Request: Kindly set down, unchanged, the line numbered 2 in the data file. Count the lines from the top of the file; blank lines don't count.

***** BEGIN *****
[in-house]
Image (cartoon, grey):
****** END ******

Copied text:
Image (cartoon, grey):